Various - Kill Bill OST
Quentin Tarantino is considered to be a man with a very good record collection, taking relatively obscure tracks into the homes of those who would not otherwise have embraced Urge Overkill, Stealer's Wheel or Dick Dale as warmly as they otherwise did. Still, he's due a credit ridding the release schedules of albums bearing the legend, "Inspired by the Motion Picture" - think Mission: Impossible and Madonna's lifeless I'm Breathless - but his reuse of the old habit of adding dialogue to soundtrack albums has resulted in the placing of risible lines from movie scripts padding out dull instrumentals, as on David Holmes' Out Of Sight.
As per the earlier soundtrack albums to his films, Tarantino's selection of tracks for Kill Bill is a mix of genuinely great songs placed alongside a number of tracks included to show off QT's record collection. As an example, Nancy Sinatra's Bang Bang (My Baby Shot Me Down) is a wonderful late-sixties clash of melancholy balladry and rich pop but it sits next to the throwaway rock'n'roll of That Certain Female, which recalls the use of Chuck Berry's You Never Can Tell during Pulp Fiction's Jack Rabbit Slims Twist Contest. Sure, the case could be made for this being a diverse range of songs accompanying a film of equally diverse styles but the problem is that Kill Bill really doesn't appear gel as an album, and not a mix-tape, should.
After these two opening tracks, there are two fine pieces of music, both well suited to film soundtracks - Luis Bacalov's The Grand Duel, which suffers a little from its similarity to Ennio Morricone's work for Sergio Leone, and Bernard Herrmann's Twisted Nerve that opens with a jauntily whistled motif before being offset by tense strings. After a brief snatch of dialogue from Lucy Liu, The RZA breaks in with Ode To O-Ren Ishii, which is musically as strong as anything else he's done but still makes the case for The RZA being supported by much better rappers in The Wu-Tang Clan and Gravediggaz.
From that point on, the album begins to break up with none of the subsequent tracks really taking it anywhere for, despite only being the sixth song on the album, The RZA's track feels like its centrepiece. As much as Isaac Hayes' Run Fay Fun is an awesome piece of instrumental soul, Al Hirt's Green Hornet - the theme from Bruce Lee's television show - and Tomoyasu Hotei's Battle Without Honor or Humanity are both shapeless and undemanding with the latter let down by its use of the booming drums from Led Zeppelin's When The Levee Breaks/Mike Post's theme to Law & Order, which gives one the feeling of having heard it all before.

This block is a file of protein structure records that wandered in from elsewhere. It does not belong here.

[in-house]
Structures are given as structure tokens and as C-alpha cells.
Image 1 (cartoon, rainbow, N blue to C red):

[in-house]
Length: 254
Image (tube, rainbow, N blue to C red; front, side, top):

A 10-minute salsa cover of Don't Let Me Be Misunderstood was likely chosen for being one single piece of music that was capable of scoring an extended fight sequence but even the much shorter Woo Hoo by 220.127.116.11's, despite being great fun on its first play - it's a rockabilly song over which a female vocalist comes in with her one lyric of, "Woo Hoo, Woo Hoo Hoo" - can't help but have a little of its shine rubbed off with every subsequent listen. Meiko Kaji's The Flower of Carnage and Zamfir's The Lonely Shepherd are both great and bring the album back to what one would like to see more of, being beautifully tender Japanese songs that will be familiar to anyone with but a passing knowledge of Samurai movies but a bunch of short instrumentals bring the album to a close with a mix of analogue synth gurgles, NEU!'s drumming and martial arts sound effects.
The Kill Bill OST suffers from the feeling that, like other Tarantino soundtracks, will be increasingly inessential as the years pass, much like the films from which they are sourced. This reviewer has struggled to ever get through Pulp Fiction a third time and a similar story can be told of both Reservoir Dogs and Jackie Brown. In Tarantino's case, familiarity has indeed bred contempt - surely there is no better sign that the venue one is standing in is having a 'student's night' than the playing of Little Green Bag. There is always the feeling that Tarantino's one trick is to introduce the listener to slightly obscure tracks but, once done, the actual soundtrack albums fail to hold one's interest. The Kill Bill OST is really no different - some of it works, some doesn't but it's largely a success.